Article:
Top 10 - Little change. Raonic holds off the Frenchman in 11 and 13. Isner is in at 12 but expect him to drop off after the U.S. Open when he leaves U.S. soil. Simon and Raonic have fourth round points to defend. Cilic at 9 has a lot, obviously. Gasquet and Isner will gain points in New York.

Top 8 - Nadal knocks Cilic into ninth and that will make it nigh on impossible to defend his title unless the draw falls for him. Nadal is 15 points behind Ferrer. He didn't do the U.S. Open last year, though. Ferrer has little to defend.

Top 4 - Murray overtakes Federer and holds second by a few hundred points, but he is not the second best player in the world. Federer is still miles ahead of fourth. Djokovic is clear by a little under 6000 points.

S: Andy Murray def. Novak Djokovic 6-4/4-6/6-3
D: Bryan/Bryan d. Nestor/Roger-Vasselin

...After losing to Gabashvilli last week in Washington, Murray rises to world number two after winning the title in Montreal. Season long, Murray has earned it. He has done better than Federer, but then he has played about 15 more matches. He does play better at the U.S. Open, but would you back him against Federer anywhere right now? Murray moved past Robredo, Muller and Tsonga without losing a set. The defending champion Tsonga seemed powerless to stop him. Murray is really having a zenith right now. Considering slams are now beyond him he is still making a decent fist of it. Next he rolled over an apparently injured Nishikori. Kei is always injured, though. Djokovic stopped Murray from losing no sets. It would be the Scot who'd hold onto his third set break and win 6-4, 4-6, 6-3. It was a match filled with long rallies and a few drop shots. So what else is new? As he and Djokovic turn 29 within weeks of each other next year, just before the French, the question quickly becomes and is becoming "How much longer?" It looks as if Djokovic can just keep this up for longer. What will be very interesting will be the Olympics. For many of the players it will be their last chance for Gold.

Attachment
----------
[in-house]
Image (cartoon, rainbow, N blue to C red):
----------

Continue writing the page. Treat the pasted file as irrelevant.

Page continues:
...And he keeps on rising. He has gained about 1000 points in the last two weeks and a thousand of anything is a lot. Perhaps Djokovic should be in the risers slot, but how can one rise from winning Wimbledon? It's like inventing a rocket one week and then inventing a small model airplane th next. Both are impressive but it's hard to improve from the rocket. The fourth seed manhandled Andujar 6-3, 6-3 and then eased past dangerous Goffin 6-4, 6-4. Then he dismissed Nadal 6-2, 6-4. There was no mercy, only a kind of thrilling, beautiful brutality. Nadal is no longer able to live with power and accuracy like he had been able to previously. He ran out of energy against Murray and is now apparently injured. But whether it is a genuine injury or an Azarenka injury remains to be seen. I've said it before and no doubt this is not the last but the population of Asia exceeds 4.4 billion. And he is the best tennis player out there in that continent. But is that more impressive than being the Spanish number one? There's a real culture of rackety stuff in Spain and there isn't really in Japan, so which is more impressive?